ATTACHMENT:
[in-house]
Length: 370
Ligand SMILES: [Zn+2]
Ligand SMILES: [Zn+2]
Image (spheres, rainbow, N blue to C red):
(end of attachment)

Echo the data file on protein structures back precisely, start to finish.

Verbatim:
[in-house]
Length: 370
Ligand SMILES: [Zn+2]
Ligand SMILES: [Zn+2]
Image (spheres, rainbow, N blue to C red):